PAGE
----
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Forecasting Profitability


  • Mark Rosenzweig
  • Christopher R. Udry


We use newly-available Indian panel data to estimate how the returns to planting-stage investments vary by rainfall realizations. We show that the forecasts significantly affect farmer investment decisions and that these responses account for a substantial fraction of the inter-annual variability in planting-stage investments, that the skill of the forecasts varies across areas of India, and that farmers respond more strongly to the forecast where there is more forecast skill and not at all when there is no skill. We show, using an IV strategy in which the Indian government forecast of monsoon rainfall serves as the main instrument, that the return to agricultural investment depends substantially on the conditions under which it is estimated. Using the full rainfall distribution and our profit function estimates, we find that Indian farmers on average under-invest, by a factor of three, when we compare actual levels of investments to the optimal investment level that maximizes expected profits. Farmers who use skilled forecasts have increased average profit levels but also have more variable profits compared with farmers without access to forecasts. Even modest improvements in forecast skill would substantially increase average profits.

Suggested Citation

  • Mark Rosenzweig & Christopher R. Udry, 2013. "Forecasting Profitability," NBER Working Papers 19334, National Bureau of Economic Research, Inc.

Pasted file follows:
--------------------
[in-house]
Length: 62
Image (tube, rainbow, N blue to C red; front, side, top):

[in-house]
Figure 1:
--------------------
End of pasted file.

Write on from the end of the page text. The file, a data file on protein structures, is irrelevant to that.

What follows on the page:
• Handle: RePEc:nbr:nberwo:19334
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    References listed on IDEAS

    1. Esther Duflo & Michael Kremer & Jonathan Robinson, 2011. "Nudging Farmers to Use Fertilizer: Theory and Experimental Evidence from Kenya," American Economic Review, American Economic Association, vol. 101(6), pages 2350-2390, October.
    2. Dean Karlan & Robert Osei & Isaac Osei-Akoto & Christopher Udry, 2014. "Agricultural Decisions after Relaxing Credit and Risk Constraints," The Quarterly Journal of Economics, Oxford University Press, vol. 129(2), pages 597-652.
    3. Marcel Fafchamps & David McKenzie & Simon Quinn & Christopher Woodruff, 2011. "When is capital enough to get female microenterprises growing? Evidence from a randomized experiment in Ghana," CSAE Working Paper Series 2011-11, Centre for the Study of African Economies, University of Oxford.
    4. Maurizio Mazzocco & Shiv Saini, 2012. "Testing Efficient Risk Sharing with Heterogeneous Risk Preferences," American Economic Review, American Economic Association, vol. 102(1), pages 428-468, February.
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    Cited by:

    1. Shrader, Jeffrey, 2014. "Forecasts and Adaptation," 2014 Annual Meeting, July 27-29, 2014, Minneapolis, Minnesota 170626, Agricultural and Applied Economics Association.

    More about this item

    JEL classification:

    • D24 - Microeconomics - - Production and Organizations - - - Production; Cost; Capital; Capital, Total Factor, and Multifactor Productivity; Capacity
    • D81 - Microeconomics - - Information, Knowledge, and Uncertainty - - - Criteria for Decision-Making under Risk and Uncertainty
    • O12 - Economic Development, Innovation, Technological Change, and Growth - - Economic Development - - - Microeconomic Analyses of Economic Development
    • O13 - Economic Development, Innovation, Technological Change, and Growth - - Economic Development - - - Agriculture; Natural Resources; Environment; Other Primary Products
    • Q12 - Agricultural and Natural Resource Economics; Environmental and Ecological Economics - - Agriculture - - - Micro Analysis of Farm Firms, Farm Households, and Farm Input Markets
    • Q54 - Agricultural and Natural Resource Economics; Environmental and Ecological Economics - - Environmental Economics - - - Climate; Natural Disasters and their Management; Global Warming

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